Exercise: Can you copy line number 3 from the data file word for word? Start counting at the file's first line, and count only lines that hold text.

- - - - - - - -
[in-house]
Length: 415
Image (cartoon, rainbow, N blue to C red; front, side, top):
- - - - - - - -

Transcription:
Image (cartoon, rainbow, N blue to C red; front, side, top):